Kolkata, Sep 14 (IANS) Underlining her commitment to the welfare of farmers, West Bengal Chief Minister Mamata Banerjee on Saturday commemorated the third anniversary of the 'historic day' when the Trinamool Congress government handed over to the farmers the land records forcibly acquired from them by the erstwhile Left Front regime in Singur for the Tata Motors' Nano project.
"Today marks the third anniversary of the historic day when our Govt of #Bangla handed over to farmers the parchas of land forcibly acquired in Singur.
"We reiterate our commitment to the welfare of farmers, alongside promoting industry. My humble pronam to Maa, Mati, Manush," Banerjee posted on her Twitter handle.
Singur - the Hooghly district rural belt that had played a key role in catapulting Banerjee to power eight years back, dealt a big blow to the Trinamool in the Lok Sabha polls earlier this year when the party's sitting MP Ratna De (Nag) lost to the BJP's Locket Chatterjee in the Hooghly Lok Sabha seat. Not only that, De trailed Chatterjee by 73,362 votes in the Singur Assembly segment.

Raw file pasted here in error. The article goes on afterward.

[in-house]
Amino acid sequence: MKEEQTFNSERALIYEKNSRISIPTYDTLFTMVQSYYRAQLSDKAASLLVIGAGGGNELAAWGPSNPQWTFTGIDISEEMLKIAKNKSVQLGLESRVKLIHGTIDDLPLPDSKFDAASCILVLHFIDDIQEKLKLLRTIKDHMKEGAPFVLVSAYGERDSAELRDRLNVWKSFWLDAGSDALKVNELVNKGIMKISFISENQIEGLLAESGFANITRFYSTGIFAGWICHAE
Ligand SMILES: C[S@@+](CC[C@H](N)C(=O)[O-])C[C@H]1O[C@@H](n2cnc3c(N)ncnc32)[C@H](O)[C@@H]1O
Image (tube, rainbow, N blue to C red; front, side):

Banerjee had successfully led a farmers' agitation between 2006 and 2008 against the then Left Front government's acquisition of land for the Nano plant.
The intense and often violent agitation during which Banerjee demanded the return of 400 acres - out of the total acquired 997.11 acres - to those farmers who did not want to part with their land, resulted in the Tatas shifting the project out of Singur to Gujarat's Sanand.
The day she took oath in 2011, Banerjee in her very first cabinet meeting decided to return 400 acres to the cultivators. Her government came up with the Singur Land Rehabilitation and Development Act 2011 and acquired the land, but the Tatas moved the court.
After a prolonged legal battle, on August 31, 2016 the Supreme Court struck down the land acquisition made by the Left Front government for the project and ordered that the land be given back to the cultivators.
On September 14, 2016, Banerjee had started the process of handing over the title deeds to the affected peasants.
But three years down the line, despondency among the famers over a large chunk of land remaining infertile and "inappropriate use of resources" by the local and district administration to make it fertile seem to have turned the tables on the Trinamool.
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